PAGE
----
Shrawan is the fourth month in the Nepali calendar. If you happen to be anywhere in or near the vicinity of Nepal, you will come across women clad in red, green or yellow bangles. Most of them will also have henna tattoos decorated on their hands.

This month is considered highly auspicious and each Monday of Shrawan, known as Shrawan Somvar, is dedicated to Lord Shiva, the god of destruction. Believers, especially women, observe fast every Monday during this month and visit the holy Pashupatinath Temple. They light butter lamps and incense to please Lord Shiva. According to Hindu mythology, Monday fasts in this month ensure good prospective husbands for unmarried girls and good health for husbands of married women. They believe Goddess Parvati observed fast for the entire month of Shrawan before Lord Shiva was impressed and married her.

Several days prior to this month, the market bustles as women passionately shop for new clothes and bangles. Items for prayers such as flowers, colours, butter lamps, incense sticks etc collect a high demand. Most women gather and pre- celebrate this month by applying henna on the hands, singing, dancing and making merry.

Nag Panchami

Nag Panchami is celebrated on the fifth day of the moonlit-fortnight in the month of Shrawan. As this festival falls during the rainy season, it is believed that serpents come out of their holes which get flooded with the monsoon rain to look for dry shelter.
Meanwhile, people stick pictures and images of snakes on the entrance to their houses across the country to mark the Nag Panchami. They also visit temples and offer milk to the snake god.

Teej
Teej is another festival that occurs during the months of Shravan and Bhadra, corresponding to the monsoon season of July-August. Married women celebrate this festival by fasting and worshipping idols of Lord Shiva and Goddess Parvati seeking marital bliss. Legend has it that it is the day when Lord Shiva was impressed with Parvati’s dedication and so accepted her.
Teej celebrations last for three pious days. Traditional dances and songs form an important feature of Teej celebrations. Red color is considered auspicious for women observing Teej fast and so most of them dress up in red or bridal clothes.

Boudhanath Stupa: A Spiritual Abode

Boudhanath, also known as Boudha, is one of the most popular tourist sites in Kathmandu. In contrast to the colorful surroundings, the stupa itself is stark white in color. It has different names in different languages. The Newar communities of Nepal call it Khasti, Tamangs call it Jyarung Khasyor and in Nepali it is Boudhanath.

This magnificent Stupa is one of the largest measuring almost 100m in diameter and stands 40m in height, and one of the most significant Buddhist monuments in the world. This great Stupa was enlisted as a World Heritage Site by UNESCO in 1979 making it an admirable place of interest for people all over the world. Today it is the key center of Tibetan Buddhism and the holiest of all Buddhist shrines in Nepal. Surrounded by shops, cafes, and handicraft businesses, it has emerged as an important trade hub and a major tourist destination. It is believed that those who reside around this great Stupa are blessed and will never have to suffer from hunger, famine and unfavorable conditions.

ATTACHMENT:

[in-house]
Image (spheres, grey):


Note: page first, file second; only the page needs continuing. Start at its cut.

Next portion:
There are many stories and legends relating to the origin and history of Boudhanath Stupa. It is believed that this great Stupa was built during the Kashyapa Buddha’s end period and the beginning period of Shakayamuni Buddha.
The earliest historical references of Boudha Stupa are found in the chronicles of the Newar society. Some believe the name is derived from Kasyapa, the Manusi Buddha of the Dwapara-yuga, whose relics are said to be enshrined within it.
According to Newari etymology it is derived from the Newari word for “dew”, by the chronicles that mentioned when the Stupa was in the process of construction, a drought struck and the workmen would lay out a white cotton cloth at night to collect the morning dew, which was then wrung out to facilitate the day’s construction.

According to another story (as per Gopal Raj Chronicles) the Licchavi King Dharmadeva installed “stone spouts” but the water did not come. So, the king consulted his astrologers and was told to sacrifice the most virtuous man in the kingdom for water. After disappointing results, the King decided that it was only himself and his son who qualified as victims and so decided to sacrifice himself. He instructed his son, Prince Manadeva to decapitate his shrouded form with one stroke. The prince obeyed his father’s command but was horrified to see his father’s head fly from the corpse. It landed in the temple of Vajra Yogini in Sankhu and he was told by the goddess that the only way the prince could undo his sins was to let a cock fly and build a Stupa for his father wherever the cock landed. The cock perched at Boudha, and King Manadeva built the magnificent Stupa there.

Part of the stupa was damaged when the 7.8 magnitude earthquake struck the country on April 25th, 2015. Realizing the religious, cultural, archeological and touristic importance of the Boudhanath Stupa, the locals of the area joint hands and decided to go ahead with reconstruction of the revered stupa. Support poured out from home and abroad in the form of cash, construction materials, gold and physical labour. The love, respect and hard work of the people paid off and after eighteen months of the devastating earthquake that shook the country, Nepalese celebrated the restoration of the stupa. In a massive three day -purification ceremony, amid a grand celebration that drew thousands of pilgrims, the historic site was restored to its glory, and reopened to public on 22 November, 2016.

Meaning of different parts of the Stupa
1. Mandala: Mansion of Boudha
2. Dome: Symbol of Universe or Vase of great treasure
3. Two Eyes: Symbol of method and wisdom
4. Harmika: Symbol of eight noble paths (Four square parts of stupa)